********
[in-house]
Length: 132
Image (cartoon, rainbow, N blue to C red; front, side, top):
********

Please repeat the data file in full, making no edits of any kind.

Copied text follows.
[in-house]
Length: 132
Image (cartoon, rainbow, N blue to C red; front, side, top):